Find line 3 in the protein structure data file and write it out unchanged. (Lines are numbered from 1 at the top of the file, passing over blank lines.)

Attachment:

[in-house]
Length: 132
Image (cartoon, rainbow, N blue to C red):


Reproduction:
Image (cartoon, rainbow, N blue to C red):